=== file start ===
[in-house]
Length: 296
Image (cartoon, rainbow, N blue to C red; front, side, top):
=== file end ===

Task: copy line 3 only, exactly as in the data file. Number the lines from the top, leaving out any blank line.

Image (cartoon, rainbow, N blue to C red; front, side, top):